Avoid automated translation, as these services are often inaccurate and can harm your brand image. Parker Pen found this out to their cost when a South American ad that was supposed to claim ‘it won’t leak in your pocket and embarrass you’ mistakenly used the work “embarazar” (which means ‘to impregnate’). Whilst “it won’t leak in your pocket and make you pregnant” may be a good selling point for a premium brand ballpoint pen, it perhaps wasn’t the message that they were going for.

There are a number of elements that need to be localised as they are crucial to rank well within local SERPs;

  • URL
  • Titles
  • Meta Descriptions
  • Headings
  • Body content

Optimising these elements will really help your website not only in terms of rankings and visibility, but also in terms of user experience. A website that is not localised can create really frustrated customers who will leave pretty quickly. Some brands, like John Lewis, have a subdomain structure for many different countries, yet all of their subdomains are in English. This affects performances outside of the UK (example of the French subdomain below).


Implementing Hreflang (rel=”alternate” Hreflang=x” annotation) will greatly support your website performance, as it ensures that the localised page ranks for the right country. If you have two pages in the same language targeting different countries and they are considered too similar by Google, it could consider them to be duplicates and that could result in one being penalised or delisted. Moreover, having an US website ranking in the UK or another country can lead to a poor user experience and really low chances of conversions.

Burberry US made this experience with its US and UK sites, where the US site was de-indexed because it was considered too similar to the site that was supposed to serve UK customers.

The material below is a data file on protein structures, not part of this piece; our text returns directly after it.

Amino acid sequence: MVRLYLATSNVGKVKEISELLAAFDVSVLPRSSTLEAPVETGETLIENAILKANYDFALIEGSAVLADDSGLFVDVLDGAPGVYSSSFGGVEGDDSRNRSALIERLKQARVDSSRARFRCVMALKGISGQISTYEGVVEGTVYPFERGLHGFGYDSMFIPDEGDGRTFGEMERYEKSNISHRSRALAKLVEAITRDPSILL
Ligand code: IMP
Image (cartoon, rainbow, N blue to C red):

If you have a US site with a UK folder, the Homepage Hreflang should look as below:

<link rel="alternate" hreflang="en-us" href="" />

<link rel="alternate" hreflang="en-gb" href="" />

You also need to add the attribute “x-default” to one page. The “x-default” attribute send the user to a specific page if he comes from an area which doesn’t match any of your Hreflangs settings (example below).

<link rel="alternate" href= hreflang="x-default" />

<link rel="alternate" hreflang="en-gb" href="" />

<link rel="alternate" hreflang="es-ES" href="" />

<link rel="alternate" hreflang="fr-FR" href="" />

The Hreflang html code need to be applied on every website URL and you need to make sure you’re using the right country or language code (for example using “en-gb” and not “en-uk”). According to Google Best Practice, the Hreflang needs to follow the ISO 639-1 format for the language and the ISO 3166-1 Alpha 2 for the region.

While implementing the Hreflang mark-up one thing to no forget is the canonical tag. The Canonical tags must reflect the Hreflang in place or it will break the system you’re trying to put in place. As per the example below, the Hreflang must point to the canonical version of the page to work smoothly:

<link rel="canonical" href="" />

<link rel="alternate" hreflang="en-gb" href="" />

International SEO can be really challenging for brands no matter their size or their budget, however, following these key points will help avoid many of the issues you can encounter.